Wednesday 26 April 2023

Robert Logan: ‘Ireland and the Moulding of Patrick Brontë’

Robert Logan, chair of the Irish section of the Brontë Society, gave the Brussels Brontë Group an absorbing overview of the Irish heritage of the Brontë family, focusing on the experiences of Patrick Brontë before he moved to England in 1802 and how these in turn reflected on the lives of his literary children. 

The detailed discussion on Saturday 22 April 2023 included several providential relationships, a family story about a swarthy orphan and the seminal impact of the Irish Rebellion of the late 1790s on Patrick’s views and outlook.

Even after they become famous writers, there was very little attention given to the Irish background of the Brontë sisters for most of the nineteenth century. In her 1857 biography The Life of Charlotte Brontë, Elizabeth Gaskell includes “only one short paragraph referencing Patrick’s Irish background,” Logan said in his enlightening talk. 

It wasn’t until the 1890s “that the Irish dimension to the Brontë story was revealed,” he said. 

William Wright was the first to really promote the famous family’s Irish background with his 1893 book The Brontës in Ireland, which detailed the history of Patrick’s ancestors before and during his time in County Down. Wright’s work was based on extensive research of oral histories from people familiar with Patrick’s family over several generations. While the book has been criticized for its lack of written evidence, it revealed “the Irish angle to the Brontë genius,” Logan said. “The book was a sensation in its time,” he said. 

One account that Wright brought to light has particular resonance for fans of Wuthering Heights. Logan recounted the narrative as reflected in Wright’s book. It goes something like this: 

Patrick Brontë’s great-grandfather was a farmer and a dealer in cattle in Ireland who frequently traveled to Liverpool to sell stock. On one of these journeys, his wife persuaded him to adopt a swarthy infant that was found abandoned on the ship. They called him Welsh. Over time, this boy became indispensable to the father and his favorite, arousing the jealousy in the other siblings.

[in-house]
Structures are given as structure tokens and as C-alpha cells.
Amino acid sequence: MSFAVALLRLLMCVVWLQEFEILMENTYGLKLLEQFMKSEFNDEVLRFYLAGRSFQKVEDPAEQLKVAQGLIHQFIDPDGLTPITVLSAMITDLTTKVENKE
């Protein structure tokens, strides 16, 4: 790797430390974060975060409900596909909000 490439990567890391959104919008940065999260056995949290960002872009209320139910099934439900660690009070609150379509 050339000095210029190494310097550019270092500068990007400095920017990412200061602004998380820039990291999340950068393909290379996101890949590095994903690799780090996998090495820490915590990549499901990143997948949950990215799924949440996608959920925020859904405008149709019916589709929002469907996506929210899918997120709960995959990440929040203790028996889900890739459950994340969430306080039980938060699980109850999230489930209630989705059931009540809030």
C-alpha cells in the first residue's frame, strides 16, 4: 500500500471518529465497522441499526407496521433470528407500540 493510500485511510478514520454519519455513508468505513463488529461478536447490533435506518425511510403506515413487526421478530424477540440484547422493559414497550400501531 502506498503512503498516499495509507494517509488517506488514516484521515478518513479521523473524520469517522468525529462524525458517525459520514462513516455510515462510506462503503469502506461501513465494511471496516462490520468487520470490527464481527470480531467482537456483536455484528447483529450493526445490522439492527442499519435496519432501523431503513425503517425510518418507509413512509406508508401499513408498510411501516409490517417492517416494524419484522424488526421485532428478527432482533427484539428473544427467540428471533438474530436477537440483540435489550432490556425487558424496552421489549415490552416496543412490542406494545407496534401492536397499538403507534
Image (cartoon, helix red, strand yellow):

Then, after the sudden death of the father while on a trading trip and the disappearance of the money he had gained in cattle-dealing, Welsh was evicted from the family home. The boy eventually regains the trust of one of the female siblings, Mary, and they end up getting married. Childless initially, they approach one of the other siblings with an offer to adopt one of their children, which was accepted. That young boy was Hugh Brunty. 

But Hugh was brought up in appalling conditions, subjected to cruel misuse and constant heavy work. So after several years, he ran away and made his way north to County Down. There was no need to point out the parallels with Heathcliff’s story in Emily Brontë’s novel. But Logan also pointed out that Wright’s account, which is based on oral history, came many decades after the actual events, “so it’s possible that people adapted their stories” to the action in Wuthering Heights

In County Down, Hugh eventually eloped with Alice McClory. The couple had a large but very poor family, the first child of which was Patrick, who became a teacher in 1798 and later changed his name to Brontë. 

“Patrick’s progress wasn’t feather-bedded,” Logan said. But it was fortuitous. 

Robert Logan
In Ireland, Patrick benefited from several providential associations, and their impact on him filtered through to his gifted children. These associations included the Reverend Thomas Tighe, who appointed the teenaged Patrick as a teacher at Drumballyroney School and later helped him get to Cambridge. 

Another positive impact was a book published just after Patrick was named as schoolmaster – Practical Education by Richard Edgeworth, the father of the Anglo-Irish novelist Maria Edgeworth. Edgeworth’s theory of education was based on the premise that a child's early experiences are formative and that the associations they form early in life are long-lasting. 

Logan explained that in this “ground-breaking, hugely influential” work, Richard Edgeworth advocated that: “The child should be treated as a rational being, lured sympathetically to think for itself, kindled to delight in the development of its intellectual powers.” Edgeworth added: “The child should be encouraged to experiment and think freely and without interference,” Logan said. “Surely Patrick must have read this book,” he said, suggesting a source for Patrick’s liberal parenting style. 

But political developments also had an impact on Patrick and his family in Ireland. His brother William participated in the Irish Rebellion of 1798 and had to spend a long time in hiding. “Patrick was very aware of the political realities and consequences of political action,” Logan said. 

“His whole life in Ireland was riddled with disputes, and the growing dissatisfaction of the nonconformists and the Roman Catholics; the consequential rise of the United Irishmen, open rebellion,” Logan said. “Ultimately all of this must filter through to his children, the way he taught him.” 

“All their novels have rebellion at their core,” Logan said.

-- J.H.

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